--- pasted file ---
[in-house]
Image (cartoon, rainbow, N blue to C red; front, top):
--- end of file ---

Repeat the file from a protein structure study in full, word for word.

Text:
[in-house]
Image (cartoon, rainbow, N blue to C red; front, top):